Movies speak to our adrenaline-starved souls. We want a piece of the fantasy action. A Happy Meal tie-in only scratches the surface. Carefully molded action figures only offer temporary pleasure. Xbox and Playstation games quickly lose their pizzazz.
Summertime blockbusters are about men -- and teenagers pretending to be men -- and men want "man" toys. And what's the biggest Man Toy of them all? Cars.
Hollywood, expectably, is ready to roll.
The first wheels driven out of the studio lots belong to a group of teenage mutant heroes. Mazda partnered with Twentieth Century Fox and, more significantly, with X2: X-Men United director Bryan Singer to create the Mazda RX-8 X-Men Car, which is based on the 2004 production model Mazda RX-8
To further boost marketing efforts, Mazda and Fox joined forces on the Web site "Welcome to X-World," (www.mazdausa.com/MusaWeb/rx8/xmen/rx8_xmen_flash.jsp), where captions remind film fans that "Cyclops Drives It" and "Wolverine Wants It" -- so obviously we must want an X-Car of our own.
Cadillac pushed the auto tie-in envelope a bit further in its efforts secure prime supporting roles in The Matrix Reloaded for the Cadillac CTS sedan and the Cadillac Escalade EXT, both featured in the film's climactic freeway chase. The Cadillac Web site (www.cadillac.com/matrix) presents several stills from the film of the gunshot-blasted cars, giving the impression that not a single bit of the grace and sophistication of the Cadillac brand can ever be diminished by a few million rounds of heavy artillery and miles of burned rubber. There's also the requisite behind-the-scenes exploration of the development of the link between Cadillac and The Matrix Reloaded production team.
The best use of an automobile as a functioning character in a film would have to be awarded to the Mini Cooper for its reprise role in the remake of the 1969 British caper flick, The Italian Job. BMW, the parent company and North American distributor of the Mini Cooper, has a reputation for using films to market their cars.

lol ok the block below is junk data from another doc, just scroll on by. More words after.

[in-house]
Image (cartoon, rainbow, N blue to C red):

The most talked about example is the series of Internet short films, The Hire, featuring Clive Owen as the mysterious driver who navigates his way through highly exciting and improbable situations in a revolving cast of sleek BMWs (www.bmwfilms.com). Dynamic and inventive directors like John Woo and Joe Carnahan bring their signature styles to each story, and BMW gets thrilling promotion for their marketing dollars because every man dreams of being able to drive one of their cars.
The fascinating thing about the Mini Cooper, though, is this Hollywood dream car is well within the reach of most film fans. Italian Job stars Mark Wahlberg and Charlize Theron use their Mini Coopers to cart around millions of dollars in hijacked gold through the streets, sidewalks and subway tunnels of Los Angeles. The rest of us, on the other hand, can use our Mini Coopers to tool around from work or to our favorite weekend spot. Finally, an Average Joe can afford the cache of a cool Hollywood car with his Average Joe salary.
On a recent weekday morning, I pushed the fantasy pedal to the floor when I joined stunt driver Sean Graham on a Mini Cooper test drive. It was far easier than I expected to maintain my cool as Graham guided us through a series of high speed turns and hairpin stops, while also answering a few questions about the cars used in the film. There were a total of 33 Mini Coopers used during the filming and only 7 were totaled. The majority of the cars were standard models with few modifications.
Graham was quick to praise Mark Wahlberg and the other stars for their ability to handle the standard roadwork, but it was clear that the confident team of drivers and mechanics deserved the lion's share of the credit for the bumper-to-bumper excitement. Thanks to this perfect pairing of car and driver, I had no fear that we were in any real danger. Between the Mini Cooper and Graham, I felt as if I was in the best seat in the house.
Who needs a Mutant Blue X-Car or an SUV that can survive a ride along a Matrix freeway? SF&M